Al-Hardiny, the Saint of Kfifan
A short biography of the life of recently beatified Al-Hardiny of Lebanon, including his practical mysticism and the miracles which he performed for both Muslims and Christians.
Lebanon, the land of Phoenician traders, inventors of the alphabet, and the most famous Law Faculty of the Roman Empire, has never been rich in mineral resources - its real and true fortune was of a spiritual kind. Many great 'saints' walked this holy land: Maron, Charbel, Rafka and Hardiny to name but a few. One of them, Al-Hardiny, was recently beatified by Pope John Paul II, and in the July/August issue of Share International was confirmed a 4th-degree initiate by Benjamin Creme's Master.
Joseph Kassab, best known as Al-Hardiny, was born in 1808 at Hardine, a village in north Lebanon, the fourth child of a pious Maronite family of six children. As a child, Joseph was devoted to religious practice, preferring to spend time on his own praying, rather than playing with other children or at social gatherings. Sattoot, a young girl who was the same age as Joseph, recalled 70 years later: "Joseph Kassab and I used to look after our cows in the pastures. He would always ask me to look after his cows saying he was tired and wanted to sleep, whereas in fact he would go to a cave and kneel down and pray for hours in front of an altar to St John."
He received a good education in all aspects of religion and learnt to read Arabic and Syriac. At the age of 20, Al-Hardiny gave up all his earthly belongings and entered the religious life. He was ordained priest and rapidly progressed from the post of professor adjunct of theology to Director of School at Kfifan, afterwards becoming professor in moral theology and seven years later Assistant General. His mandate was renewed twice during the next 13 years, until he contracted pleurisy and died on 14 December 1858 at the age of 50.
Al-Hardiny was always reluctant to take positions of authority in his Order. "Even when he was Assistant General," said Father Al-Kafri his biographer, "he remained humble and chose to look after himself, refusing to have a special servant to accompany him and attend to his personal needs, as was the custom in the Order at the time."
Father Al-Hardiny was a practical mystic; he never agreed to enter a hermitage, a widespread practice among the early Lebanese monks. Instead, he considered that those who struggle in everyday life have the greater merit. The ordinary everyday life is a continuous martyrdom, he observed, for the monk must always be a model to his brother monk, guarding himself from becoming a source of scandal, while the hermit lives alone, away from all external temptations. Al-Hardiny believed that everyone should follow his own vocation - some choosing solitude, and others choosing the common life.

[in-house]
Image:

He was against severe and rigorous rules. One rule introduced was to forbid the monks the right to smoke, and Al-Hardiny was the only one who dared object to these rules, stating calmly: "We should lighten the load we put on the monk and on his consciousness, because the greater the pressure, the greater the explosion." He added: "If we tighten the arch it will eventually collapse."
Two major rays dominated Father Al-Hardiny's life (see ray structure*). His 6th-ray personality, combined with a 3rd-ray soul and mental body, turned him into "A Man of God and a Man of Science".
His 6th-ray personality manifested clearly in his unbounded love and his deep devotion to Christ and the Virgin Mary. "Pray without ceasing" was the motto of Al-Hardiny, who never took afternoon naps, and indeed never stopped praying. While everyone else retired to their rooms before midnight, he would remain in church until morning prayers. Bishop Youssef Mahfouz recalls: "He had a real gentle way toward others; the kindness of his character and his virtues made him a person who would avoid all occasions to hurt others. While he was very strict with himself, he was always very lenient with his colleagues."
Along with the virtues of his 6th-ray personality, Al-Hardiny manifested the qualities of his 3rd-ray soul and mental body through his intellectual, philosophical work. He was a Professor of Theology, especially versed in moral theology, and became famous in the art of book-binding. His biographer tells us: "While Father Al-Hardiny was a strict and austere monk, he also loved learning and culture. He was the promoter of the cultural renaissance in the Maronite order of the Lebanese monks, and a virtuous teacher. He loved his students and was always concerned about their welfare and education. He wanted all the monks to receive a broad education to enable them better to fulfil their priestly duties."
Model of detachment
Obviously, Al-Hardiny excelled in the art of detachment, which is the keynote, par excellence, of a disciple who has passed through the Great Renunciation initiation. Alice Bailey stated in her book Initiation Human and Solar that "the life of a man who takes the 4th initiation is usually one of great sacrifice and sufferings. All is renounced, friends, money, reputation, character, standing in the world, family, and even life itself."
According to Bishop Youssef Mahfouz, "Al-Hardiny was completely detached, even from his parents. He left Hardine to enter the Order, never again to visit his parents or village. If he had to travel in that direction he would do so by night when no one would see him. Al-Hardiny never tried to please people, never concerned himself with what to eat or what to drink, never ate meat except when he was so ordered by the doctors and his superiors, and he was not overcome by grief nor overjoyed by happy events." Faithful to his qualities and virtues, he lived his life according to the motto "Ora et Labora" (pray and work). Thus, Al-Hardiny, who was always jovial according to his contemporaries, became the model to be followed and a good example to those around him. His most famous disciple Father Charbel Makhlouf is now one of the Masters of Wisdom*.